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Annie Sloan Chalk Paint on a brick fireplace

Listed under Blog Posted Feb 16 2020

Annie Sloan Chalk Paint on a brick fireplace

Ron Taylor, Traditional Painter for Warwickshire, had an interesting challenge recently with a “red” brick fireplace. Over the decades Ron has seen it all, and has more paint specifications up his sleeve than most decorators. He has painted a lot of kitchens and furniture and is a go-to expert in the world of spraying. In this case his technical solution for a brick fireplace was Gardz plus Annie Sloan Chalk Paint.

Annie Sloan Chalk Paint on a brick fireplace

I was recently asked to come up with a way to make 2 brick fireplaces look lighter.

Annie Sloan Chalk Paint on a brick fireplace

Meeting the brief

The customer didn’t want a solid colour so we decided to go with a distressed colour wash type finish. Broken colour or faux is a useful tool if you want to add interest and depth to a solid surface.

The main fireplace was still being used, so any paint finish on the hearth would mark fairly quickly. Therefore painting would be limited to the facing surfaces only.

Down to work, preparing the bricks

After cleaning down the soot from the brickwork, I applied a coat of Zinsser Gardz. This is a clear water-based penetrating sealer that would stop the chalk paint soaking straight into the bricks. It is really big in the USA for sealing plasterboard before wallpapering or as a primer before painting. A good addition to any UK painter’s armoury when dealing with absorbent problem surfaces. There is Gardz info here on the TP site.

Painting a base coat

After the Gardz was dry I applied a coat of Annie Sloan Chalk Paint, Country Grey, to all the brick and mortar. One of the many plus points of Annie Sloan’s chalk paint is the opacity. It has great coverage. But as we didn’t want a flat finish, it was time to get creative.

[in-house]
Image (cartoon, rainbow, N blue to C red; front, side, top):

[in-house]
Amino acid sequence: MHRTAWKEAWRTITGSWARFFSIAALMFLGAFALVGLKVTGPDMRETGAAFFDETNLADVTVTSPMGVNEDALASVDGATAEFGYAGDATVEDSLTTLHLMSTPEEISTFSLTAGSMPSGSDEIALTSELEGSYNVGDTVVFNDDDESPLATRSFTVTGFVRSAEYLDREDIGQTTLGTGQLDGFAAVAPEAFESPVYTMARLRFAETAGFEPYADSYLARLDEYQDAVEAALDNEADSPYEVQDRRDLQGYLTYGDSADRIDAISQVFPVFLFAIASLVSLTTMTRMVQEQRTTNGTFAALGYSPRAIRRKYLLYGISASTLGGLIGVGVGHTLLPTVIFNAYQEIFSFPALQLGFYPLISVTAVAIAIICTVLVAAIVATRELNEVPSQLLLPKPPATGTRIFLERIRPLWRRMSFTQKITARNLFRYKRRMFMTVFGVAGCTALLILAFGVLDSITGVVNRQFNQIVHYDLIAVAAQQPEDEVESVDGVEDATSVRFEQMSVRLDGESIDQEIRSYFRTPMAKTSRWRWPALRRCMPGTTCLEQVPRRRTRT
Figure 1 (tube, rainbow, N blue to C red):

Annie Sloan Chalk Paint on a brick fireplace

Distressing the base coat

We wanted to define the brick edges, but as the mortar was fairly flush with the brick faces, I’d had to warn the client that sanding off and distressing the finish would be quite time consuming.

I sanded some bricks more than others, and gradually the aged look started to take shape.

One characteristic of chalk paint is that it needs a finishing coat to protect it. What to do?

Fellow Traditional Painter, Scot Hindley and I worked with Annie Sloan’s tech team on their innovative clear lacquer, testing it for spraying over chalk paint. It really is a tough coating and certainly makes Annie Sloan chalk paint a viable alternative to conventional furniture paint enamels. But the artist in me decided that in this instance, a light coat of Annie’s traditional clear wax would be sufficient protection and would add more colour variation and interest to different areas.

Waxing on, waxing off

When you know how to apply Annie Sloan’s protective wax, (thinly thinly) it is easy, but when you read online, there seem to be a lot of “waxing fails”. With the way social media works these days, disappointed users who don’t know what they are doing can give a bad rap to a perfectly good product. So to head off potential issues at the pass, several years ago we wrote some tips on using wax over chalk paint.

Annie Sloan Chalk Paint on a brick fireplace

Job completed, exactly what the customer wanted. What do you think?

Ron can be contacted via this website or direct on his site

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